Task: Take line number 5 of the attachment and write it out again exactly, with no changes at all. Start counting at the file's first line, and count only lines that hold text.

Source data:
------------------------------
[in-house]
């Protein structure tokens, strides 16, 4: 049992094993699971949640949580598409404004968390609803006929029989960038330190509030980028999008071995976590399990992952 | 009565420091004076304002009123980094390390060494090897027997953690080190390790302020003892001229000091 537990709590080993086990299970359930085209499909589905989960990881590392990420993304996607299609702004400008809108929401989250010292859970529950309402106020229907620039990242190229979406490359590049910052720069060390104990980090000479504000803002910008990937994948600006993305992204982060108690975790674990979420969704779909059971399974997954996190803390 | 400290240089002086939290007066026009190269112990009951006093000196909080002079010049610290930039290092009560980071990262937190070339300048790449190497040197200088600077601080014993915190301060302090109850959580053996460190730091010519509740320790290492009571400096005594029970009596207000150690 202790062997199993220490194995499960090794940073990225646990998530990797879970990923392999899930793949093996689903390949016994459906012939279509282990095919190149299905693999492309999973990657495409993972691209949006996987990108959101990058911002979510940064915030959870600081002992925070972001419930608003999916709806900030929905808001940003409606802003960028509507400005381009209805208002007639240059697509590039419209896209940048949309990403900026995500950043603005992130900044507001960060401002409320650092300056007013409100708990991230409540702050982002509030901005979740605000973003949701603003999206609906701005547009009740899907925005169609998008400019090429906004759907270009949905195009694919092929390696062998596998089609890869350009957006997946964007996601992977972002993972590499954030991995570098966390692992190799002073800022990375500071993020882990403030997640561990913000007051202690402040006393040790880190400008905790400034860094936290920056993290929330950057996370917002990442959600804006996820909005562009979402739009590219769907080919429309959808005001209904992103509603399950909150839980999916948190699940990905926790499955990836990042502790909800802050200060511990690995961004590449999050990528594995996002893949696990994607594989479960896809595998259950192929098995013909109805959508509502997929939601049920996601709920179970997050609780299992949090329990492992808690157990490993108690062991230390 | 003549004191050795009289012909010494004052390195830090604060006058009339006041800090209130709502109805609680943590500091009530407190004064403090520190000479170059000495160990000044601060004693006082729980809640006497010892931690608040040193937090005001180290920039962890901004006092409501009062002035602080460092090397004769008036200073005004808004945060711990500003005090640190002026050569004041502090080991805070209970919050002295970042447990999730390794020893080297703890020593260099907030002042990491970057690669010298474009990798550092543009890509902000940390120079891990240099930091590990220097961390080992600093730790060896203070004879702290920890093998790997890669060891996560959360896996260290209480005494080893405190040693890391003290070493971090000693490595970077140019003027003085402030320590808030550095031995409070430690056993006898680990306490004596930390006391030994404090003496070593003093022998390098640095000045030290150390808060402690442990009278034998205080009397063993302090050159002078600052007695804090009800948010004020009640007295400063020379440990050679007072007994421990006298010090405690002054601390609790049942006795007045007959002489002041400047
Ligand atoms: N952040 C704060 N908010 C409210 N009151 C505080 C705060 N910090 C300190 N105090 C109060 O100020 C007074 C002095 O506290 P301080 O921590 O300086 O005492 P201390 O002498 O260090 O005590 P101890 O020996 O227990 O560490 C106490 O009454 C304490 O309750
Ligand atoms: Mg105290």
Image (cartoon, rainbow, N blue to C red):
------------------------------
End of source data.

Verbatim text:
Image (cartoon, rainbow, N blue to C red):